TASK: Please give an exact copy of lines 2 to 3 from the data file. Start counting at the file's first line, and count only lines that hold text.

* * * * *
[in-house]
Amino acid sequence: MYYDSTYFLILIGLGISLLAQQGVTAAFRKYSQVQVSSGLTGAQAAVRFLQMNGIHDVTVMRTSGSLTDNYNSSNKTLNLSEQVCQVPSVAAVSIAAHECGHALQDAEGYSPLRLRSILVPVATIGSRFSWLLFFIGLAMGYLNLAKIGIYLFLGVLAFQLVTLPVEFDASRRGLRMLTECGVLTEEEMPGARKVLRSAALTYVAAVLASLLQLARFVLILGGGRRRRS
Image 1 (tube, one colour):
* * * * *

Amino acid sequence: MYYDSTYFLILIGLGISLLAQQGVTAAFRKYSQVQVSSGLTGAQAAVRFLQMNGIHDVTVMRTSGSLTDNYNSSNKTLNLSEQVCQVPSVAAVSIAAHECGHALQDAEGYSPLRLRSILVPVATIGSRFSWLLFFIGLAMGYLNLAKIGIYLFLGVLAFQLVTLPVEFDASRRGLRMLTECGVLTEEEMPGARKVLRSAALTYVAAVLASLLQLARFVLILGGGRRRRS
Image 1 (tube, one colour):